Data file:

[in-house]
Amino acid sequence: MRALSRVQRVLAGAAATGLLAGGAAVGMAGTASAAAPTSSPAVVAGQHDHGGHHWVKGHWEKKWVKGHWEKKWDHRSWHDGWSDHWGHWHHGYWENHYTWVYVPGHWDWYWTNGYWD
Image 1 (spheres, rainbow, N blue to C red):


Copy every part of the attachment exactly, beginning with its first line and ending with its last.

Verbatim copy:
[in-house]
Amino acid sequence: MRALSRVQRVLAGAAATGLLAGGAAVGMAGTASAAAPTSSPAVVAGQHDHGGHHWVKGHWEKKWVKGHWEKKWDHRSWHDGWSDHWGHWHHGYWENHYTWVYVPGHWDWYWTNGYWD
Image 1 (spheres, rainbow, N blue to C red):